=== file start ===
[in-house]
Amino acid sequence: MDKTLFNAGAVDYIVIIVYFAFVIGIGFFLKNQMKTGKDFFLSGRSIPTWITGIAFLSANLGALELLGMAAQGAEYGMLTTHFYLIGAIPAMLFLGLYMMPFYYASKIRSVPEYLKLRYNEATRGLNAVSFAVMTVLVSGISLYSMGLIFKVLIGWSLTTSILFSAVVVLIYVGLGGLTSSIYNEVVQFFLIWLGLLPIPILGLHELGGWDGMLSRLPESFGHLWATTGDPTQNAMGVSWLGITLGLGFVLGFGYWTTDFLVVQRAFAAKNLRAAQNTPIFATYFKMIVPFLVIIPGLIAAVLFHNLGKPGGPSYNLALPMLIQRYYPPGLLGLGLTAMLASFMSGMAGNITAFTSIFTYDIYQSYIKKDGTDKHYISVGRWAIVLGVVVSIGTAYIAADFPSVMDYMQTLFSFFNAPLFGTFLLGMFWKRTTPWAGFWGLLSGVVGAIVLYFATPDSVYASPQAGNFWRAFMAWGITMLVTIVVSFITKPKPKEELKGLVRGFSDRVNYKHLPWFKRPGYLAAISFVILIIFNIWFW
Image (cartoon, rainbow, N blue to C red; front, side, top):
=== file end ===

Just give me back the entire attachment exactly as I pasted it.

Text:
[in-house]
Amino acid sequence: MDKTLFNAGAVDYIVIIVYFAFVIGIGFFLKNQMKTGKDFFLSGRSIPTWITGIAFLSANLGALELLGMAAQGAEYGMLTTHFYLIGAIPAMLFLGLYMMPFYYASKIRSVPEYLKLRYNEATRGLNAVSFAVMTVLVSGISLYSMGLIFKVLIGWSLTTSILFSAVVVLIYVGLGGLTSSIYNEVVQFFLIWLGLLPIPILGLHELGGWDGMLSRLPESFGHLWATTGDPTQNAMGVSWLGITLGLGFVLGFGYWTTDFLVVQRAFAAKNLRAAQNTPIFATYFKMIVPFLVIIPGLIAAVLFHNLGKPGGPSYNLALPMLIQRYYPPGLLGLGLTAMLASFMSGMAGNITAFTSIFTYDIYQSYIKKDGTDKHYISVGRWAIVLGVVVSIGTAYIAADFPSVMDYMQTLFSFFNAPLFGTFLLGMFWKRTTPWAGFWGLLSGVVGAIVLYFATPDSVYASPQAGNFWRAFMAWGITMLVTIVVSFITKPKPKEELKGLVRGFSDRVNYKHLPWFKRPGYLAAISFVILIIFNIWFW
Image (cartoon, rainbow, N blue to C red; front, side, top):